With regards to crafting music to accompany prancing, fluffy poodles, trimmed like topiary gardens and dyed in a million gaudy neon colours, it’s hard to think offhand of anyone better suited to the task than Dan Deacon. The Baltimore musician manufactures stereophonic starbursts and rainbows, powerfully euphoric stuff, and it’s just the right thing for the soundtrack to Rebecca Stern’s new documentary about competitive dog groomers, out now on iTunes and HBO.
Deacon’s work bears both the complexities of classical training (note the dyslexic baroque sketch that emerges out of “Nicole Will Take Over the Shop”), and the sympathetic crudeness of DIY culture and art naïf. There’s an obvious sympathetic link – Deacon has referred to the dog groomers in the film as “folk artists”, and his own efforts in the audiovisual field (recall with great joy the amazing Ultimate Reality, from 2007) nod to similar themes.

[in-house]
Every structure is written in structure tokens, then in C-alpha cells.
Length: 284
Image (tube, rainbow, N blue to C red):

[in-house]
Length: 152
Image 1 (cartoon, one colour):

Necessarily portioned in a pretty conventional way here, Deacon’s music is less something to ruminate over than something to luxuriate in. There’s some apprehensive drama, like “Scissors Down”, presumably the theme to the doc’s moment of truth. A minute of sadness too, “Ariadne’s Lament”. But it’s mostly what Deacon does so well, cresting swells of euphonic exultation and the occasional auditory equivalent of a backrub.